It is not the case that OLS should be substituted for an alternative approach simply because daily minimum heart rate includes noise variance. If the noise variance associated with daily minimum heart rate is fairly small compared with the daily mean heart rate noise variance (i.e. lambda is large), our simulations confirm the advice of McArdle (1988) that OLS is appropriate (see also White, 2011). Smith (2009) argues it is usually the case in regression analyses of biological data that lambda is large. In turn, he suggests that OLS is appropriate when the x-variable is thought to be affecting the y-variable, which is indeed the case in regressions of daily mean heart rate against daily minimum heart rate. However, at low r2 values, OLS can underestimate the slope considerably; indeed, low slope estimates associated with a low r2 are suggestive of an inappropriate regression model (LaBarbera, 1989). Yet, in this situation, major axes methods can overestimate the slope (Fig. 3; see also Kimura, 1992). Unfortunately, for datasets associated with energy expenditure such as heart rate or rate of oxygen consumption, the noise associated with measurement inaccuracies, with the use of these variables as proxies of energy expenditure and given that sampling is always imperfect, cannot easily be quantified. Therefore, it is difficult to ascertain whether lambda is sufficiently large that OLS is a better approach than other methods (Smith, 2009). Based on the simulation results, and in agreement with McArdle (1988), one rule of thumb worth considering, however, is that if the major axis approach is taken then SMA or RMA may provide more accurate slope estimates than MA.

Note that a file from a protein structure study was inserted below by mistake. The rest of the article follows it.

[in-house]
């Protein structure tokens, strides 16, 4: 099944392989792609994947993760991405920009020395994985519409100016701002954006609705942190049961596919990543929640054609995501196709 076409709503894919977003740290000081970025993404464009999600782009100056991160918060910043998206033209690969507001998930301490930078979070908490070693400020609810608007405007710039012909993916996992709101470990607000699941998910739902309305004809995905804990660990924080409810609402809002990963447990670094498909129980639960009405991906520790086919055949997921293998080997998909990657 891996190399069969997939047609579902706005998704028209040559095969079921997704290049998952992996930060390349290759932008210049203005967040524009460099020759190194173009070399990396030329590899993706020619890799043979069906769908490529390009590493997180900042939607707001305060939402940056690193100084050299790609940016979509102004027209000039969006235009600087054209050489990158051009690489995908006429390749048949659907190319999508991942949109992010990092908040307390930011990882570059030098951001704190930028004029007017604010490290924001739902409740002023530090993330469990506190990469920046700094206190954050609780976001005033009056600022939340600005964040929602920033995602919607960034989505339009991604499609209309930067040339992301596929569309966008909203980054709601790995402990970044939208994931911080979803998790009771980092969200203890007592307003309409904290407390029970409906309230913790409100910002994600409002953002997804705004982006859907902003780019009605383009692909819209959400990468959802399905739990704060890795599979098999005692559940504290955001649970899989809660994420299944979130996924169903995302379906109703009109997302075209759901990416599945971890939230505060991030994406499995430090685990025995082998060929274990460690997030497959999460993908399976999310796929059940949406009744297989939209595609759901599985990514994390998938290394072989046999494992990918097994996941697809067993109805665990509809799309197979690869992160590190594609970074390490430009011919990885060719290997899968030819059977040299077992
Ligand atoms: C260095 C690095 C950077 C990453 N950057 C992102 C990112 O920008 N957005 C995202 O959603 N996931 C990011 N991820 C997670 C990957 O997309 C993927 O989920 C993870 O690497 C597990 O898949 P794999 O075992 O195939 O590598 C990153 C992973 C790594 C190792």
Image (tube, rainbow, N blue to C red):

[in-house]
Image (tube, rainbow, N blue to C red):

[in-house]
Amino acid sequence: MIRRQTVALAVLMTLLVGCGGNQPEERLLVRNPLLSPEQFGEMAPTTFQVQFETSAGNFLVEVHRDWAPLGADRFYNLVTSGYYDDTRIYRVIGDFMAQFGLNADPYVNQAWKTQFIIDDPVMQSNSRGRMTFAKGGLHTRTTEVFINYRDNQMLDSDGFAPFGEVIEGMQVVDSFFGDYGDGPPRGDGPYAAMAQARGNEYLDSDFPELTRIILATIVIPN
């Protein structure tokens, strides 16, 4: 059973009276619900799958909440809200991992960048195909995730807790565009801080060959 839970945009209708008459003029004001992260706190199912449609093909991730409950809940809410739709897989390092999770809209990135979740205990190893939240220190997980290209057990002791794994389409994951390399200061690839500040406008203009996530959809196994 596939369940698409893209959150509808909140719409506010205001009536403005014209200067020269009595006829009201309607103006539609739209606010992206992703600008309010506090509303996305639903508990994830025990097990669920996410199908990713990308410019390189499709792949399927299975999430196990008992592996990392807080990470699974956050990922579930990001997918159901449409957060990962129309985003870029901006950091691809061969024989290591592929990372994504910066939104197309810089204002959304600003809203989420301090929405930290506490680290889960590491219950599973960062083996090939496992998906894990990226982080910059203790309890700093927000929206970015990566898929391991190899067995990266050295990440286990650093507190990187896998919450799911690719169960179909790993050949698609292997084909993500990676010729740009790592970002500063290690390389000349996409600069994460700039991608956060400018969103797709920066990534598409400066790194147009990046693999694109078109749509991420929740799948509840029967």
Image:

Where the slope estimate is the focus of data interpretation and r2 is anything less than very high, researchers are advised to consider presenting their data using more than one regression approach. However, modelling approaches more complicated than single linear regression are usually based on OLS (Smith, 2009). In these situations, we would suggest that some simple linear regressions are also conducted, using a range of fitting approaches, to gain some insight into the potential impact of regression dilution on the slope estimates.
We thank Jon Green for discussions on elements of a draft version of this article.
Conceptualization: L.H.; Methodology: L.H.; Software: L.H., A.P.; Validation: A.P.; Formal analysis: L.H., A.P.; Investigation: L.H.; Data curation: L.H.; Writing - original draft: L.H.; Writing - review & editing: L.H., A.P.
This research received no specific grant from any funding agency in the public, commercial or not-for-profit sectors.
The authors declare no competing or financial interests.